Workplace Violence is Real and Coming to an Office Near You If You Don’t Take Preventative Measures

April 2015 is Workplace Violence Awareness Month. Although it is sad that we even have to type those words, the reality is we live in a dangerous time where the threat of an individual coming into the office with a gun and attacking innocent victims is all too real. Between 2006 and 2010 3,000 people were victims of workplace homicides in the United States. Clearly this is an issue that needs attention both from a simple workplace safety perspective and from a liability perspective.

Threats of Workplace Violence Cause a Stressful Environment

They typical workplace violence scenario does not end in gunfire, but is nevertheless stressful for everyone involved. Most commonly, a disgruntled employee or ex-employee makes a threat of violence towards a supervisor, manager, or generally on the office he or she works or worked at. While the vast majority of these threats are never carried out, they set in motion a chain of events that ends in the office seeking and obtaining a civil harassment restraining order against the individual who made the threat. This process is expensive and time-consuming yet absolutely necessary to protect the office from liability in the event the individual comes into the office guns blazing.

In addition to the legal process that must be initiated, employees must be notified that a threat has occurred, leading to serious emotional toll on the office as a whole. This can often mean employees out on stress-related leave and a total loss of productivity from a threat of workplace violence. Sadly, this is the best-case scenario. If an employee actually commits an act of violence in the office the aftermath is far worse. With that in mind, how can the risk of workplace violence be reduced?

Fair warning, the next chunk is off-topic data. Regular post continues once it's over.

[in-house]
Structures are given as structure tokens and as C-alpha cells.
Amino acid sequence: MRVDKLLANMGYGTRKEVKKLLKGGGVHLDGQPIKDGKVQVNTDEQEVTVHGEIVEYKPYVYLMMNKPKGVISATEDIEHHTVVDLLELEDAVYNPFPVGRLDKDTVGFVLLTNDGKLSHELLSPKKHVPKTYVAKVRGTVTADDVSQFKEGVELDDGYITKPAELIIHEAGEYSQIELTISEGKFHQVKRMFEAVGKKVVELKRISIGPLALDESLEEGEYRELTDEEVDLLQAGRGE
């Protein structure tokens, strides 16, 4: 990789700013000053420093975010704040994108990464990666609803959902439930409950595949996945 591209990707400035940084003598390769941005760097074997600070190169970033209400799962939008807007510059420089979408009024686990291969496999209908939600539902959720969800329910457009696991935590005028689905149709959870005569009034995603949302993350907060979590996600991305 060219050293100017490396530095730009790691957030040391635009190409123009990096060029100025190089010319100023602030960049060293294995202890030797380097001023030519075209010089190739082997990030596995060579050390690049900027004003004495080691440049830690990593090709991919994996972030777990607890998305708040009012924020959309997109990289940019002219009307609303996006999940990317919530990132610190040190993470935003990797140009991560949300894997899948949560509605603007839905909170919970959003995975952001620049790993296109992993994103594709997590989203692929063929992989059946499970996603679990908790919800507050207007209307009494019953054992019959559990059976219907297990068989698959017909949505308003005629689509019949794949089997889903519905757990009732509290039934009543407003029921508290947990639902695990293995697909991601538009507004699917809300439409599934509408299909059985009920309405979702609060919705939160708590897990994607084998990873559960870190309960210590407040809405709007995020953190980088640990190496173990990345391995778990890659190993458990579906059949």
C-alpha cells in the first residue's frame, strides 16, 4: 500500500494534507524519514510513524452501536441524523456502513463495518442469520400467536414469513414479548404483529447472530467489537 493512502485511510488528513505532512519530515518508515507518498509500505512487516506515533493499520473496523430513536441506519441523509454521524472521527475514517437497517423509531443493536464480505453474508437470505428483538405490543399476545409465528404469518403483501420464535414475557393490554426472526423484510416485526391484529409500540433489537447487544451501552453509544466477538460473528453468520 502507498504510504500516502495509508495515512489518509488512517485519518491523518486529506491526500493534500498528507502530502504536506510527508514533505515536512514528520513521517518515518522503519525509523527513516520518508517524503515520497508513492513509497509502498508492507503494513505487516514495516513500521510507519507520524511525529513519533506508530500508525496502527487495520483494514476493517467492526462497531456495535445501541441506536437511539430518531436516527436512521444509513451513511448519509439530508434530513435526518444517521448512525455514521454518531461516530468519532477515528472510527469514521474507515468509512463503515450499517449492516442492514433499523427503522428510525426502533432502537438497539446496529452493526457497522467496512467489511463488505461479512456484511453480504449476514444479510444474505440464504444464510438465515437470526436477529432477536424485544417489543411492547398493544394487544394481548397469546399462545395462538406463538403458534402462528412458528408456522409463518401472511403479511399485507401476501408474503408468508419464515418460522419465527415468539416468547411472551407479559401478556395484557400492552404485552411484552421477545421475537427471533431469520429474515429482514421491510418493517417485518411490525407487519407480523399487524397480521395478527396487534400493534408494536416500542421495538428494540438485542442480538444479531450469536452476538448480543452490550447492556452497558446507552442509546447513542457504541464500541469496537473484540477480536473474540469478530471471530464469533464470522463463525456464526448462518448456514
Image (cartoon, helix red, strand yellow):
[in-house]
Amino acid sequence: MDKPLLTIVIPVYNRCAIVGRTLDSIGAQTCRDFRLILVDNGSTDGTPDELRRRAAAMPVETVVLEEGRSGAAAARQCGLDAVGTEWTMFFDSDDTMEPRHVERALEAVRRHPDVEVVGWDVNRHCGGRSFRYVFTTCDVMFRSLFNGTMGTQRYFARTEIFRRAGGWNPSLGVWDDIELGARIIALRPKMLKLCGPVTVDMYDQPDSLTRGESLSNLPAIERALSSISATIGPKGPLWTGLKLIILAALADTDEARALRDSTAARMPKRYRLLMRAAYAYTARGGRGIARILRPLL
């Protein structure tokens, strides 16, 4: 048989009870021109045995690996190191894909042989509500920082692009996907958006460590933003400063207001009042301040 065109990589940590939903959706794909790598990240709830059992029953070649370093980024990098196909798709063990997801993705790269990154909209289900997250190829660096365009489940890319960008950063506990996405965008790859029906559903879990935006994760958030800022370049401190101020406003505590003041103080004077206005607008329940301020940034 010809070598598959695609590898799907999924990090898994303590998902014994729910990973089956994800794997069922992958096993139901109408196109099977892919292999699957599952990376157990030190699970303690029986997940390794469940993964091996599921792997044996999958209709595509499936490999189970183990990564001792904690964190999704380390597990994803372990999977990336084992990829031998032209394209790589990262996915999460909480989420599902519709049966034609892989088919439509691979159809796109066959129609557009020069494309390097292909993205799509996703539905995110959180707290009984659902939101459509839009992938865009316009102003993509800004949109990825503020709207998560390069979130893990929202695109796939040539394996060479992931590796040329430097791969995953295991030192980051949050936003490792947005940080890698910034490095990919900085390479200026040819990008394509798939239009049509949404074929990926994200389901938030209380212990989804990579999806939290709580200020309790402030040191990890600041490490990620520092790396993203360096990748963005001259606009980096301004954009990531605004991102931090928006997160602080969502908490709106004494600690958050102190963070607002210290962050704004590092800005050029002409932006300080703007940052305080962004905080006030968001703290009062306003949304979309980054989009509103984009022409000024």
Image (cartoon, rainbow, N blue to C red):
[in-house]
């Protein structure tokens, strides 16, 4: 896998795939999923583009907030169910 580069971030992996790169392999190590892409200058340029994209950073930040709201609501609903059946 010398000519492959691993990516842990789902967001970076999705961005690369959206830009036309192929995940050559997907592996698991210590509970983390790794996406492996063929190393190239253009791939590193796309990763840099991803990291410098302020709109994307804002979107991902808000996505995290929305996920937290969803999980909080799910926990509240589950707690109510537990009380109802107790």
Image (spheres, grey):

Workplace Violence Training Programs Mitigate the Risk of Dangerous Acts

The problem of workplace violence is an outgrowth of the bullying and psychological turmoil faced by some individuals both at home and at work. Therefore, by training employees on the value of diversity in thought and fostering a culture that frowns on negative treatment toward employees, you can implement a preventative strategy whereby employees know they can come to upper management for help before things get out of control.

Although such a strategy does not eliminate the risk of a rogue employee committing a violent act or threat thereof, you can at least be confident that by training managers on anti-bullying and diversity that you have fostered a workplace culture that will not tolerate the types of behavior most likely to lead an employee to threaten or commit an act of workplace violence. Indeed, it is the culture that can prevent these acts from happening.

Syntrio is committed to helping businesses prevent horrific acts of violence from taking place within their offices. Contact www.syntrio.com for more information about our workplace violence prevention courses and remember to follow us on TwitterGoogle Plus and LinkedIn for daily updates on employment law and compliance issues that may impact your business!

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